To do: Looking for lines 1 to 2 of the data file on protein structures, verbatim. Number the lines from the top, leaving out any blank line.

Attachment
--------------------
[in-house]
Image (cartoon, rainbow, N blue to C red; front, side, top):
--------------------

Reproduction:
[in-house]
Image (cartoon, rainbow, N blue to C red; front, side, top):